On May 6, 1937, German airship Hindenburg burst into flames, killing 35. The Hindenburg left Frankfurt, Germany, on May 3 for a journey to Lakehurst Naval Air Station in New Jersey. As the airship attempted to moor, it suddenly caught fire. The hydrogen-filled hull of the ship burned within seconds. Unlike previous airship fires, this was captured entirely on film.
 
The Hindenburg was the largest airship ever built. It carried 36 passengers and 61 crewmembers. The airship, sometimes called a Zeppelin after is manufacturer, was more than 245 meters (800 feet) from stern to bow. It had a light metal framework that protected the gas-filled interior. Lighter-than-air hydrogen was used to elevate the vehicle. Unfortunately, hydrogen is very flammable. Experts do not agree how the Hindenburg caught fire.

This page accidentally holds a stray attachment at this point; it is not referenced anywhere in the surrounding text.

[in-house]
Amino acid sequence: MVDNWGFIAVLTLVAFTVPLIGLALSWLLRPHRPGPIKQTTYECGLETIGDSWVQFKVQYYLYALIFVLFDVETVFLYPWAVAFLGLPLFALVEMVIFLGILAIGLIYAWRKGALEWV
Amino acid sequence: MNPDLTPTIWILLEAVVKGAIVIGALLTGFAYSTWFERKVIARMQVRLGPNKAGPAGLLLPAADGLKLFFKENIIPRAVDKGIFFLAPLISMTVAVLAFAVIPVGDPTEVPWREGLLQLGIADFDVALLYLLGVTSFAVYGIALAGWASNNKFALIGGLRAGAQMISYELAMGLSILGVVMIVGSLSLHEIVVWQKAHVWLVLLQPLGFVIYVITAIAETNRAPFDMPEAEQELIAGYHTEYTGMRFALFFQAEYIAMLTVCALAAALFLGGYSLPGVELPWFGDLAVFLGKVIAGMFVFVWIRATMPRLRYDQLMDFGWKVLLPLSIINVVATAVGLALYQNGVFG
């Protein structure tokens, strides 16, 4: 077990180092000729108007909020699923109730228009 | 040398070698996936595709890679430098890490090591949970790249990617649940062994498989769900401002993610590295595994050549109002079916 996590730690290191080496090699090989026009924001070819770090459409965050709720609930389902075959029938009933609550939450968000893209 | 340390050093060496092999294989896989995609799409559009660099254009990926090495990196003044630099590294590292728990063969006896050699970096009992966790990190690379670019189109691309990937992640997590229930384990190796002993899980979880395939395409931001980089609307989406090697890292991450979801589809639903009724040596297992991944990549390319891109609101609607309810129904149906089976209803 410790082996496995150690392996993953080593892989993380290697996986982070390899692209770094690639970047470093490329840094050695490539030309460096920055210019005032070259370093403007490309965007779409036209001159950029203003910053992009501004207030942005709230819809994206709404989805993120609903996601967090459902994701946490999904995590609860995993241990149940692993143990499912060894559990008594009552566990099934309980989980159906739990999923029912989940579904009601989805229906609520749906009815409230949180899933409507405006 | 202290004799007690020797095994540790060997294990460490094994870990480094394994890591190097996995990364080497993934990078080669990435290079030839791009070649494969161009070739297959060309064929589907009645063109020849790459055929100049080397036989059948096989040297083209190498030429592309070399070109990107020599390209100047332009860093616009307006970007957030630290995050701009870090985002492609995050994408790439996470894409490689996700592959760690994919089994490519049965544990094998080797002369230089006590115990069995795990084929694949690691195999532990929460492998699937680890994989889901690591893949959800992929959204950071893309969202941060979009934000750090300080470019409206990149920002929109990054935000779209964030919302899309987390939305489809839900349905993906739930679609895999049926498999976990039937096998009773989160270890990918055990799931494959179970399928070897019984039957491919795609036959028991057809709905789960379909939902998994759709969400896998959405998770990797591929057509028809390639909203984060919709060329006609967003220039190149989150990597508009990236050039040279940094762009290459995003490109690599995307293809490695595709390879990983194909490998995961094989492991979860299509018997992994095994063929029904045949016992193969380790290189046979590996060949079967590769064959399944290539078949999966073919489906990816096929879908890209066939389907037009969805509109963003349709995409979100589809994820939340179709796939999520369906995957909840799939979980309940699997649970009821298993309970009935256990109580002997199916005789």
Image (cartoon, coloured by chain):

The entire airship industry collapsed after the Hindenburg accident. 
airship
Noun

aircraft filled with lighter-than-air material, usually hydrogen or helium. Also called a dirigible or blimp.

elevate
Verb

to raise higher than the surrounding area.

flammable
Adjective

easily set on fire.

gas
Noun

state of matter with no fixed shape that will fill any container uniformly. Gas molecules are in constant, random motion.

hull
Noun

main body of a ship.

hydrogen
Noun

chemical element with the symbol H, whose most common isotope consists of a single electron and a single proton.

industry
Noun

activity that produces goods and services.

journey
Noun

voyage or trip.

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